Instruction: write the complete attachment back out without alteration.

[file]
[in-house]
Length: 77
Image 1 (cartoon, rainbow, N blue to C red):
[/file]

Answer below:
[in-house]
Length: 77
Image 1 (cartoon, rainbow, N blue to C red):